Hope Landon has been rewriting other people's greeting cards since she was six years old -- there's always a funnier caption. She's all set to chase those creative dreams with her musician fiance in New York City until he leaves Hope at the altar, deciding he must not really love this girl if he can't write a song for her. That may give her something to write about . . .
Hope disappears alone on what was supposed to be the couple's monthlong honeymoon. Upon returning she learns of her funeral -- everyone in her life concluded Hope must have killed herself after being jilted. Needing a fresh start more than ever, she heads for the Big Apple only to discover it's not that easy to rent a place when you've been declared dead.
Taking shelter at the YWCA, Hope soon lands a job at a Christian inspirational greeting card company as an assistant to Jake, a guy who shut down his organization's humor department. She has lost her faith in love; he needs to find something or someone that will make him laugh.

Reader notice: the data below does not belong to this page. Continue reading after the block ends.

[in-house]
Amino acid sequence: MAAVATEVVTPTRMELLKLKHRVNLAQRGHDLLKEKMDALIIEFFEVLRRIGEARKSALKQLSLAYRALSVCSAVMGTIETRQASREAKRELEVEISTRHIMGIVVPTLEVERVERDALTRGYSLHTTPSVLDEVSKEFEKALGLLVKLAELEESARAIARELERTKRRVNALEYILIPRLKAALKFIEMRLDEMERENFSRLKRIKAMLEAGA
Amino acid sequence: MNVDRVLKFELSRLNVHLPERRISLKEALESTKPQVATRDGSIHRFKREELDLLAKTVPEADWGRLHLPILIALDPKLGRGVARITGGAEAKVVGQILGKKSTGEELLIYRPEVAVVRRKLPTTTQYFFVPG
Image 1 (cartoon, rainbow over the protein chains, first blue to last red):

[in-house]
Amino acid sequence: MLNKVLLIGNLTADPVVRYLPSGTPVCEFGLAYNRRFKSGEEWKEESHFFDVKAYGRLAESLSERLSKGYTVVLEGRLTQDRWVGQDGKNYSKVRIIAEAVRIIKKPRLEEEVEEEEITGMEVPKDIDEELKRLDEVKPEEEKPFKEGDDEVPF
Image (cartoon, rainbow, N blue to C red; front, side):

Is there anything in the cards for these two? Find out in the truly original Greetings from the Flipside by authors Rene Gutteridge (Boo) and Cheryl McKay (screenplay for The Ultimate Gift).
I loved the synopsis of this book, and couldn't wait to read it! The story of Hope abandoned at the altar on her wedding day ... simply because the groom can't write a song for her? Sounds like an unusual start to a personal journey for this young bride. Hope jolts out to her car in the midst of a huge rainstorm, and is attacked in the parking lot. What follows is a blur, literally.
There are actually two separate stories running throughout the entire book. One of reality, and one of Hope's dreams as she is in a coma. I found this entire book confusing, unrealistic, and unfortunately not as good as I had hoped. There are definitely some humorous parts, specifically Hope's sense of humour in regards to writing inserts for greeting cards.
Overall, I found it hard to connect with the characters, and the two separate alternating stories were confusing. As an aside, I likely won't be able to open a can of tuna in the future without thinking of this book.
Disclosure: Ebook received through Net Galley courtesy of B&H Books in exchange for my honest review.